When tests are performed on bodily fluids, organs and tissues for the purpose of the diagnosis and study of disease, those tests are referred to by the medical term “pathology.” A medical professional called a pathologist examines tissue samples with a microscope and notes certain characteristics that will determine what type of disease, if any, is present. Pathology crosses over and serves many medical disciplines, including the study of cancer.
Several tests may be given to a patient suspected of having mesothelioma, including a biopsy of the tumor area. More than one sample will be collected and sent to the pathologist for evaluation. The pathologist's report will give detailed information concerning what type of mesothelioma is present and the stage, meaning how advanced the cancer is and whether it has spread. The pathologist may include the following information in the report:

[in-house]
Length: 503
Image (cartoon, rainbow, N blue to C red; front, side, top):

- Patient’s personal information and clinical history
- Gross description of the tissue sampled and its origin
- Microscopic description of careful analysis of the sample
- Immunohistochemical analysis using chemical stains
- Diagnosis based on the available information
A pathologist can distinguish mesothelioma cells from normal cells by observing the difference in appearance, including their shape, under a microscope. More tests are usually needed to evaluate the protein types that are on the cells' surface, and this tells the pathologist the histological nature of the cells, and whether the cells are malignant mesothelioma.
Immunopathologists may use immunohistochemistry (IHC) to identify proteins in mesothelioma cancer cells, which helps to determine the kind of mesothelioma tumor a patient has contracted. Establishing the histological type of tumor, such as sarcomatoid mesothelioma, biphasic or epithelial, affects the treatment choices doctors may use. Although mesothelioma is not presently curable, knowing the type and specific kind of cancer the patient is facing helps the doctors to give the best care possible. References: